Domaine du Vieux Télégraphe "Télégramme" Châteauneuf du Pape 2020

$59.99

Only 5 left!

Alcohol: 14.5%

Grape(s): 80% Grenache Noir, 10% Syrah, 6% Mourvèdre and 4% Cinsault

Localization: Southern Rhone, France

Tasting Notes: It offers a fresh and floral nose, a silky, elegant palate, and such perfect balance that it doesn’t even need a food pairing.

Notes: Vieux Télégraphe’s second-label Châteauneuf du Pape red, made with the grapes of young vines under 30 years old, plus older parcels not located on the Plateaux of La Crau or Piedlong.

Grapes are hand-picked, with double sorting at the vine, then a third sorting in the winery. They are destemmed, followed by 25-30 days’ traditional fermentation in temperature controlled vats. Pneumatic pressing, then systematic malolactic fermentation.

Matured 15-16 months in French oak foudres (30-60 hl). Bottled without filtration or fining, released at 18 months.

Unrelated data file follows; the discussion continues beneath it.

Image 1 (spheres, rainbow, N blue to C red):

The Domain: Domaine du Vieux Télégraphe has been run by our family, the Brunier family, for six generations - since 1891 to be precise. The estate’s vineyards, 60 years old on average, are planted on the celebrated Plateau of La Crau, a site renowned for grape-growing in Châteauneuf-du-Pape. This terroir imparts to our wines a highly distinctive minerality, as if they have been filtered through the thick layer of large pebbles left behind when the Alpine glaciers melted, long before the Rhône Valley formed.

Our philosophy is organic-raisonné and sustainable grape-growing. Whether our team of vignerons are labouring on the hot Plateau of La Crau, in the lieux-dits of Pignan, La Roquète and Piedlong, or on the cold steep slopes in the district of Les Pallières, they are driven all year round by the conviction that the grapes should be able to thrive and be picked in the best possible conditions.

Fine fruit is essential for a fine vintage. To achieve this, they are quick to tailor each task to each parcel of vines: for instance, pruning, the spreading of organic manure and traditional ploughing are winter chores that may seem straightforward at first glance, but in fact demand great care. In springtime and summer, the same applies for the debudding, done by hand, and the removal of surplus unripe grapes and surplus leaves; balance is everything, and practically each vine enjoys its own.